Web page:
When in Rome - Eat As the Romans Do

Mar 01, 2022

Rome is a city that is full of culture, history, glamour, and beautiful landscapes. When you visit this glorious city, you will experience sights that you and your family won't soon forget. When you holiday or city-break in Rome, you want to experience their food as well. Before leaving, tantalize your taste buds with the abundance of local foods and dishes.

Most people know about Rome's main attractions: Agnolotti del plin The Vatican, the Colosseum, Trevi Fountain, Pantheon, and Villa Borghese are just a few of the breathtaking views and landscapes that await you.

What many people don't know is that there are many local dishes that will suit even the most discerning of tastes. One hasn't truly experienced Rome unless they have tried some of the local cuisine.

Typical starters are served first in order to tantalize your taste buds and leave you wanting more. Fried Stuffed Zucchini Flowers are a delectable blend of herbs and spices, ricotta cheese and Zucchini, with a light breading and pan-fried to perfection.

Fresh Italian parsley, sage, oregano and basil combine to leave your taste buds tingling. Roman Panzerotti is another starter that will quickly become a favorite. Panzerotti These fried pockets of tomato sauce and mozzarella cheese will melt in your mouth.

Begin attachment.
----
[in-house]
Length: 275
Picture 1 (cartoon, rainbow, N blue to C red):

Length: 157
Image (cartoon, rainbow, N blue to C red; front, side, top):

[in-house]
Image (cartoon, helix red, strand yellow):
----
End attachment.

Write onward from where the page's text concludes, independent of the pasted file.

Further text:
One of the most popular starters is the Roman style fried rice balls. These are rice balls filled with ham, cheese and tomato sauce; then they are lightly coated in egg and bread crumbs.

Rome's Jewish Fried Artichokes are one of the oldest recipes, dating back to Imperial times. You'll love the taste of the leaves' nutty crunchiness and they actually look like sunflowers!

Once you've finished with the starters, you're ready for the main dishes. Bucatini Matricana is a zesty pasta dish made with tomato sauce and pancetta.

Fresh ingredients like peppers and olive oil will leave you wanting more. Roman Gnocchi is a favorite among locals and features ingredients like fresh eggs, cheese, tomato sauce and flour.

These dumplings serve as an alternative to soup or pasta. If you love pasta, you'll love Spagetti Carbonara; this is a classic dish that combines pasta with bacon and eggs. For something a bit zestier, try the Penne All'Arrabiata. The sauce is made with garlic, red chili and tomatoes, which is served over a bed of pasta and topped with fresh parsley.

Your meal does not end there however; there are still more courses to eat. Roman-style lamb is known as seconds and consists of lamb chops, garlic and anchovies.

It may seem an odd mix of ingredients, but once combined it is definitely something to get excited over. Saltimbocca Alla Romana is another second's dish you won't soon forget. This dish consists of veal cutlets sage and prosciutto.

Once you're done with seconds, you're finally ready for the sweets. With some similarities to North America's fruitcake, Pangiallo Romano is a traditional dish of dried fruits and nuts. It is typically enjoyed around the Christmas holidays. Roman Maritozzi sweet rolls made with raisins and pine seeds.

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